Mon | Sep 24, 2018

Company founder says: 'Manufacturing from waste materials is lucrative industry'

Published:Tuesday | October 25, 2016 | 12:21 AMSashakay Fairclough
Travis Hunter adds the finishing touches to a camel sculpture at 360 recycle, located on Rousseau Road, Kingston.
Products made from recycled materials such as plastic bottles, cardboard, styrofam.
Tamar Edwards (right) and Charles Smalling (left) working on sculptures at 360 Recycle.
Scheed Cole managing director of 360 recycle shows how a perimeter wall is constructed using their recycled products.
Tibni Roache works on the walls of a housing structure made from recycled materials.
Travis Hunter (left) adds the finishing touches to a camel sculpture at 360 recycle as Scheed Cole, managing director looks on.

It is not often that someone gets an unconventional idea, it is even less common for these individuals to act on them. This is what separates Scheed Cole from so many people. A professional sculptor, painter and engineer, his passion for Jamaica and the environment led to a turning point in his life. He realised that not only does Jamaica have a high unemployment rate, but that his countrymen dispose of hundreds of thousands of waste materials per day, materials which could be used to grow the economy and provide employment.

Cole said, "China and Sweden buy waste to create raw material. According to my research, the United States government proclaimed that by the year 2030, if they can increase their recycling effort to 75 per cent, they will be able to create another 1.1 million jobs. We have to think outside the box when it comes to job creation. Recycling utilises an additional 10 persons per one person for the conventional ways we dispose of garbage right now."

His research gave him the ingenious idea to turn those waste products into profit and led to the creation of a company called 360 Recycle Manufacturing. Cole developed his first few products only a year ago in order to test the market. It was an immense success so he registered the company and has been unstoppable ever since. The process is painstaking and all 20 of his employees had to undergo vigorous training.

"We use lightweight materials that are structurally sound. We usually grind the foam boxes and mix the pieces with paper and cardboard, along with cement to create a paste. This is what we use to mould the objects for the sculptures. When it comes to structures that support their own weight such as outdoor tables and benches, we use binding wire to tie plastic bottles together. We then apply the recycle mix to bind them together by pasting around the objects. The end products are high-end and professionally made. Just because the products are made from waste materials doesn't mean they have to look like waste."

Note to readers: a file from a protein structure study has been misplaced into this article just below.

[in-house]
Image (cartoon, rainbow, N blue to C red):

Ja needs more manufactirung


Cole insists that manufacturing from waste materials is a lucrative industry but more manufacturing needs to be done in Jamaica as that is one of the best ways to grow the economy.

"Right now, Jamaica exports far more than it imports. Our economy cannot grow like that. We are currently the only company in Jamaica that manufactures from waste materials but a lot of people do not know that we exist. There needs to be more manufacturing done and the only way is for there to be more innovation. This will spur manufacturing. Manufacturing will then increase our export. It is sad that we have to import things like drywall and plywood because if we manufactured, we could create jobs and factories for much-needed income. Innovation will lower the level of poverty and prevent our country from taking loans it clearly cannot repay. We have no intellectual property to call our own and it is destroying our economy."

360 Recycle Manufacturing is now expanding into the construction industry. They now create building blocks and panels from waste materials in order build houses and retaining walls. In fact, a model house has been constructed on the company's site built purely from these items.

According to Cole, the building blocks come in two different sizes and are made from recycled styrofoam, newspaper or any form of paper and cardboard. The blocks also have plastic bottles encased in them. The panels are made in a similar way to the blocks but are more reinforced.

Scheed Cole's passion continues to be his driving force.

"My aim is to solve ills of the nation such as crime and violence and how we dispose of our garbage. We all have to come together in order to make Jamaica a better place."